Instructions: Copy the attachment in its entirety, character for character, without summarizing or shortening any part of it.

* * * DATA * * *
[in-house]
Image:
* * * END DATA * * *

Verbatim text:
[in-house]
Image: